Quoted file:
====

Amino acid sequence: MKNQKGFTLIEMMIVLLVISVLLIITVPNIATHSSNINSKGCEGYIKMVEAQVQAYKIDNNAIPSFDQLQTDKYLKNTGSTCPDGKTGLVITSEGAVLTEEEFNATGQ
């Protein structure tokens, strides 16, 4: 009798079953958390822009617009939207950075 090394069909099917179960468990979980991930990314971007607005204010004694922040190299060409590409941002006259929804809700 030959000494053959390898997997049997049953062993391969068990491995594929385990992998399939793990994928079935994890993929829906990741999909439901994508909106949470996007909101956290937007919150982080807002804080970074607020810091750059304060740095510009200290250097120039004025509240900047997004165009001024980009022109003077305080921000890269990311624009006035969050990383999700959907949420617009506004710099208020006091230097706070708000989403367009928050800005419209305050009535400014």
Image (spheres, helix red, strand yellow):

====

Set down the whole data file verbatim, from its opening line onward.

Amino acid sequence: MKNQKGFTLIEMMIVLLVISVLLIITVPNIATHSSNINSKGCEGYIKMVEAQVQAYKIDNNAIPSFDQLQTDKYLKNTGSTCPDGKTGLVITSEGAVLTEEEFNATGQ
């Protein structure tokens, strides 16, 4: 009798079953958390822009617009939207950075 090394069909099917179960468990979980991930990314971007607005204010004694922040190299060409590409941002006259929804809700 030959000494053959390898997997049997049953062993391969068990491995594929385990992998399939793990994928079935994890993929829906990741999909439901994508909106949470996007909101956290937007919150982080807002804080970074607020810091750059304060740095510009200290250097120039004025509240900047997004165009001024980009022109003077305080921000890269990311624009006035969050990383999700959907949420617009506004710099208020006091230097706070708000989403367009928050800005419209305050009535400014």
Image (spheres, helix red, strand yellow):